Men dressed as Roman centurions north of Manila on Friday hammered nails into the palms and feet of a faith healer dressed in sequins to commemorate Jesus' death on the cross.
Hundreds of other Filipinos dragged six-foot crosses on their backs or flogged themselves with whips until they bled in a grisly observance of Good Friday. In Jerusalem, Christians from around the world retraced Jesus Christ's steps on the way to his crucifixion.
Amparo Santos, also known as "Mother Paring," was among at least 16 devotees who were crucified in bizarre rituals that have become a fixture of Good Friday celebrations in central Luzon Island north of Manila.
In Kapitangan, 20 miles north of Manila, thousands of other red-hooded zealots paraded through the streets, whipping their backs with clusters of bamboo sticks.
They believe that floggings and crucifixions are ways to atone for their sins, seek favors and receive healing powers.
Such practices are discouraged by the Roman Catholic hierarchy but are deeply entrenched among the rural population of the nation, which is 85% Catholic.
"They are suffering for nothing," said Pat Ellis, 42, a Protestant missionary from California. "In the Bible, Jesus paid it all. I need to believe that Jesus paid it all. So if we sin, we need only go to Jesus and tell him we sinned."
It was the seventh year for Santos to be nailed on the cross in the dusty farming village.
"I will go on with this indefinitely," said Santos, who was dressed in a red velvet sleeveless and sequined dress. "Jesus told me I perform well."
Five-inch nails, soaked in a bottle of coconut oil, were used by attendants who made sure bones and blood vessels were not pierced.
Santos forced a smile after the nails were driven into her flesh, then grimaced in pain as she sang songs and recited poems during her 20 minutes on the cross.
Northwest of Manila, an earthquake near the Mt. Pinatubo volcano panicked a religious procession and toppled objects from walls, but no casualties were reported, officials said.
Thousands of people taking part in a Good Friday procession in Olongapo ran through the streets, and others streamed out of their homes, residents said.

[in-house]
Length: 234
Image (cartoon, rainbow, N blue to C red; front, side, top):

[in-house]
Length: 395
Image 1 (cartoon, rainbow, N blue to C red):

The tremor, which measured 5, caused blackouts in Olongapo and Subic towns, outside the former U.S. naval base at Subic Bay, about 25 miles from Pinatubo.
In Jerusalem, Christians from around the world walked the Way of Sorrow, some lugging heavy wooden crosses as they traced Jesus Christ's steps toward his crucifixion.
Thousands made their way along the narrow street to the Church of the Holy Sepulcher, built where Christians believe Jesus was buried after being crucified.
Israel's sealing off of the occupied territories last week to quell Arab-Israeli violence meant only a few hundred Palestinian Christians with special permits took part in Friday's procession in Jerusalem.
"I will not live my life in fear and not do things because of that," said Tonya Andrews of North Hollywood. "I'm a Christian . . . so this goes straight to the soul."
Sydney Reynolds of Orem, Utah, said she brought her children to strengthen their faith.
"We believe that Christ has died for us and will rise, and we wanted them to learn that these things are true and more important than anything else," said Reynolds, 55, while taking a rest near the Third Station, where tradition says Christ fell under the weight of the cross.
Gilbert Peru of Anaheim re-enacted the march dressed as Christ. Wearing a crown of thorns, his arms covered with fake blood, he was accompanied by two whip-carrying "Roman soldiers" as he retraced Christ's path.